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Last week, Ellie Kemper's name made headlines when an old photo of her in her hometown resurfaced that showed her at a debutante ball with racist roots. A Twitter user had discovered evidence of Kemper's involvement in the Veiled Prophet Ball in St. Louis from 1999, an event in which the actress was crowned the Queen of Love and Beauty, per the St. Louis Post-Dispatch. But this event has a questionable past.
The Veiled Prophet Organization, which played host to the debutante ball, was founded in the late 1800s by Missouri businessmen in "response to growing labor unrest in the city, much of it involving cooperation between white and Black workers," according to The Atlantic. At the time, Jewish people and Black people were not permitted to join the organization. Each year, the organization chose a Veiled Prophet who would then select the Queen of Love and Beauty as part of a ritual rooted in elitism. Though it evolved over the years and eventually opened its doors to non-white people, the history of the organization remained and it was still highly criticized for being a racist, elitist organization with a dark past, as The Atlantic stated.
While the recent controversy over Kemper's involvement stewed, the actress remained quiet until yesterday, June 7th, when she shared a response to questions on her Instagram. In a text-only graphic, Kemper wrote, "Hi guys - when I was 19 years old, I decided to participate in a debutante ball in my hometown. The century-old organization that hosted the debutante ball had an unquestionably racist, sexist, and elitist past. I was not aware of this history at the time, but ignorance is no excuse. I was old enough to have educated myself before getting involved."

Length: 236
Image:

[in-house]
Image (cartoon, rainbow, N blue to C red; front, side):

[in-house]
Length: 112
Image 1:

Kemper went on to write that she "unequivocally" deplores, denounces, and rejects "white supremacy." She added that she believes in "the values of kindness, integrity, and inclusiveness," saying she does what she can to embody these values in her life.
The Unbreakable Kimmy Schmidt star concluded her post by apologizing and saying she'll continue to learn and user her privilege "in support of the better society."
The debutante ball's name was changed in 1992 to Fair Saint Louis, which is technically the event Kemper participated in. Though Kemper hails from a wealthy Midwest family, there's been no connection between her and the KKK, which was the accusation when the photos of her at the ball emerged. In fact, according to Variety, despite theories, the organization doesn't have any ties to the white supremacy group. Even without clear ties, though, the racist roots of the Veiled Prophet Organization remain.
However, slamming Kemper as someone tied to the KKK is perhaps a bit too far. Now that she's apologized, she'll hopefully understand better where the criticism comes from and actively choose to use her privilege to make a difference for the better.